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Continuing on Their Course toward Reconciliation between Japan and other Nations: Emperor Akihito and Empress Michiko To Visit Pearl Harbour

  March 3, 2009 at 12:02 pm by

Emperor Akihito and Empress Michiko

Click the image to see the article at The Daily Telegraph

Emperor Akihito and Empress Michiko may visit Pearl Harbor, the scene of Japan’s surprise attack that ushered in the Pacific War, next July, following a visit to Canada. Such an event would symbolize the postwar reconciliation between Japan and the United States as no sitting Japanese prime minister has, to the present day, gone to Pearl Harbor.

If this should come to pass it would be one important step more on the path towards reconciliation and peace that the present Tenno has chosen to take from the very first moment of his reign: in April 1989, only three months after the death of his father, Emperor Hirohito, Akihito addressed the Chinese people, expressing his remorse for the suffering that had been caused by the Japanese occupation of their country. Further statements to the same effect on his trips to Thailand, Malaysia and Indonesia followed. He also remarked that he felt a kinship with Korea (that had for some time been a Japanese colony) and explained that the mother of the Japanese Emperor Kammu (736-806) was a descendant of Muryeong, the 25th king of Baekje (one of the Three Kingdoms of Korea). Accompanied by Empress Michiko, Emperor Akihito has also visited numerous war-linked places, including Hiroshima, Nagasaki and Okinawa, expressing thereby his deep desire to promote national and international reconciliation.

Emperor Akihito and Empress Michiko

Click the image to see the photo at ANP Beeldbank

At this point, someone who knows a bit about the Japanese constitution may say: “Well, the Emperor has no choice anyway about where he goes. If he visits Okinawa or Indonesia, it is not his merit, and if he stays at home, it can neither be called his fault. He is just a puppet, sent by the government to wherever they choose.” But, unfortunately, the question: “Who is executing power?” has, in Japanese history as well as today, never been that easy to answer…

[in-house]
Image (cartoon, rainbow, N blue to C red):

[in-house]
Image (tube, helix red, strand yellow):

It is true that, under the new Constitution after the Second World War, the Emperor was to have no role whatsoever in political matters. Yet, throughout the 1950s, numerous Cabinet ministers, along with the head of the Metropolitan police and the Governor of Tokyo, met secretly with Akihito’s father, Emperor Hirohito, in order to give him political briefings on the state of the government and country. This should, from a strictly legal point of view, certainly never have happened. The Emperor had, according to law, definitely no business to give any advice to political officials. But it seems that he nevertheless did it sometimes… So, it is to be supposed that although the Japanese Emperor is, theoretically, strictly constrained by his constitutional position, he still has to this day a certain informal influence on political matters, although it would be a matter of scholarly debate to decide, to which extent.

Anyway, while on their way of promoting peace (the kanji of Emperor Akihito’s reign, the Heisei-era, mean: “peace everywhere”) in the beginning of the nineties, the imperial couple also weighed a visit to Pearl Harbor, on occasion of their official trip to the United States in June 1994, but finally decided against it. And part of the reason for this may have been that their course had already met with resistance at home…

Although the Emperor’s initiatives for peace and understanding were very popular with most Japanese, there were still some who thought that it hurt the Japanese dignity to express regrets for the past and who did not choose to stay silent. It was (and is), of course, absolutely impossible for any Japanese to directly criticize the sacred person of the Tenno, but there still were ways to “work around it”. In June 1993, a campaign against Empress Michiko was started by the media which lasted for four months – until the shocked Empress lost her voice. Spectators of this incident have remarked that it could be assumed that these attacks had been aimed only partly at Michiko and that she was, at the time, serving as a “scapegoat” for her husband who had been acting in too “modern” a way for the taste of some…

So, it can hardly surprise anybody that Japanese officials are still refusing to confirm any dates concerning the Pearl Harbour-visit. Japan’s small but vocal right-wing groups are unlikely to welcome the scheme. And if the visit should, after all, turn out to be politically inevitable, they would certainly prefer it to be carried out as inconspicuously as possible: Under the latest plan, the Emperor and Empress will only unofficially stop over in Hawaii. They will primarily interact with local Japanese-American groups and visit Pearl Harbor during a break.

To read about the current events of the Emperor and Empress, see this thread.

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